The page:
Time for a break — Our 50-year chronological rounding-error nightmare will soon be over. Kevin Purdy – Nov 22, 2022 4:46 pm UTC
Enlarge / An astronomical clock in Prague, Czech Republic.
There are not many things you can get Facebook, Google, the United States, France, and Linus Torvalds to agree on, but one of them has come to pass.
A near-unanimous vote on Friday in Versailles, France, by parties to the International Bureau of Weights and Measures (BIPM in its native French) on Resolution 4 means that starting in 2035, the leap second, the remarkably complicated way of aligning the earth’s inconsistent rotation with atomic-precision timekeeping, will see its use discontinued. Coordinated Universal Time, or UTC, will run without them until 2135. It was unclear whether any leap seconds might occur before then, though it seems unlikely.
The assumption is that within those 100 years, time-focused scientists (metrologists) will have found a way to synchronize time as measured by humans to time as experienced by our planet orbiting the Sun. But most people will not notice any difference at all, even as the time difference could reach up to one minute by the end of that 100 years.
“The connection between UTC and the rotation of the Earth is not lost, UTC remains related to Earth,” Dr Patrizia Tavella, head of BIPM’s time department, told Agence France-Presse (AFP).
Russia’s BIPM representatives voted against the resolution, and Belarus abstained. Tavella told AFP that Russia’s opposition was not “on principle,” but it wanted to delay the leap second removal until 2040. GLONASS, Russia’s satellite positioning system, incorporates leap-second-like adjustments and will need to be reworked. A 2035 date was a compromise with other entities that wanted to move up the leap second removal, Tavella told AFP.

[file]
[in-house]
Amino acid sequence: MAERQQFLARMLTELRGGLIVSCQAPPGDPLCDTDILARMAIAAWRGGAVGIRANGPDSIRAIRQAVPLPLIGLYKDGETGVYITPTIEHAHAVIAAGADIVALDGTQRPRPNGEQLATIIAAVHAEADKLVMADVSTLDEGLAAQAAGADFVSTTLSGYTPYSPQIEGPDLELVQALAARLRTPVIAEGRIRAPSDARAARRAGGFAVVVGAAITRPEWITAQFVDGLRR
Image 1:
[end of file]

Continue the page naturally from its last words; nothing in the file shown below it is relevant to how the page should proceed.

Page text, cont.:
System administrators everywhere, especially at larger companies, will never know what catastrophes awaited them with the next leap second. Leap seconds in 2012 and 2017 caused multi-hour outages at companies including Reddit, Qantas, and Cloudflare. Many companies implemented a version of “leap smearing” to smooth out a leap second addition into micro-seconds spread across the globe throughout a day.
Meta was the latest voice to speak against leap seconds over the summer. The 27 leap seconds that have been applied since their introduction in 1972 were “enough for the next millennium,” its engineers wrote in a blog post. They also raised the specter of a negative leap second, which could subject networks to new flavors of time-syncing torture.
While the BIPM’s vote set a policy for disregarding leap minutes, the entity that actually coordinates and disseminates UTC, the International Telecommunication Union (ITU), could potentially intercede. Felicitas Arias, a former BIPM time director, told the journal Nature that the ITU’s final say is “the thing that makes us a little bit nervous.” Yet Arias told The New York Times that negotiations between the BIPM and ITU had her convinced of success.
The ITU’s next decision-making conference takes place in late 2023 in Dubai, United Arab Emirates, around when the contract for ITU to maintain UTC time expires. After that, the leap second’s time will have likely come.